Thinking Citizen Blog — ESG, DEI, and Chief Purpose Officers
Thinking Citizen Blog — Tuesday is Economics, Finance, and Business Day
Today’s Topic: The New Face of Capitalism: ESG, DEI, and Chief Purpose Officers
Do you know what ESG means? How about DEI? What does a Chief Purpose Officer do? Who cares? Who should? Are they passing fads? Are they here to stay? Today a few notes. Experts — please chime in. Correct, elaborate, elucidate.
ESG: Environmental, Social, and Governance investing is a big deal
1. We’re talking big bucks here: $19.2 trillion as of the end of 2019, up 42% from the year before.
2. In the first quarter of 2021, flows into mutual funds and exchange traded funds specializing in “socially responsible” investing doubled from the previous year!
3. The number of ESG funds has exploded: up 4X in the last decade to 409.
NB: But what should qualify a company to be eligible for an ESG fund? What holdings should qualify or disqualify a fund from claiming to be an ESG fund? No clear answers.
DEI: Diversity, Equity, and Inclusion
1. “DEI, which was once seen as a sub-component under the human resources department, has now evolved into a core business function that large and small businesses alike have been aggressively investing in.” (fifth link)
2. “Despite COVID-19’s effects on the U.S. economy, the number of DEI-related job postings increased by 123% between May and September of 2020.” (ditto)
3. “Diversity is the presence of differences within a given setting. Equity is the process of ensuring that processes and programs are impartial, fair and provide equal possible outcomes for every individual. Inclusion is the practice of ensuring that people feel a sense of belonging in the workplace.” (6th link)
NB: “Chief Diversity Officer” is “one of the hottest jobs in America.” But it has also been “a revolving door.” High turnover is driven by both high demand and frustration over “lack of resources and unrealistic expectations.”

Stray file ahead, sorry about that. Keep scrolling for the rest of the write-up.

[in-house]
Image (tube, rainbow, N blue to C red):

CHIEF PURPOSES OFFICERS — Deloitte, PriceWaterhouse, Hasbro
1. Should every company have “a purpose beyond profit”? Deloitte has one. So does PriceWaterhouse. So does Hasbro. Is this the wave of the future? should it be?
2. In 1970, Milton Friedman once famously argued that “The Social Responsibility of Business Is To Increase Its Profits.” For him shareholder return and the interest of humanity were synonymous. Don’t profits only flow from providing services that customers want so desperately that they are willing to part with their hard earned money to get them? (see last link)
3. In 2019, 181 CEOs representing 30% of total US market capitalization took a different view, arguing that companies had purposes beyond profit. According to a statement of the Business Roundtable signed by these CEOs, companies are “accountable to five constituencies of which shareholders are only one (customers, employees, suppliers, and communities are the others).” (ditto)
NB: “The primary criticism of stakeholder capitalism is that any purpose other than shareholder profits results in a lack of focus and, ultimately, corruption. This critique logically follows from the view that CEOs can be self-serving arbiters of social value and would, if given the opportunity, divert resources to their own enrichment under the guise of “purpose.”
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